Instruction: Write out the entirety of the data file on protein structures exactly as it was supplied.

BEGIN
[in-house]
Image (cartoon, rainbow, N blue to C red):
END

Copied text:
[in-house]
Image (cartoon, rainbow, N blue to C red):